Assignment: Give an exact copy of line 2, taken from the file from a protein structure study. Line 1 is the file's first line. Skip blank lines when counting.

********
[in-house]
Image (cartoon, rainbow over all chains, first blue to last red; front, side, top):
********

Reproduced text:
Image (cartoon, rainbow over all chains, first blue to last red; front, side, top):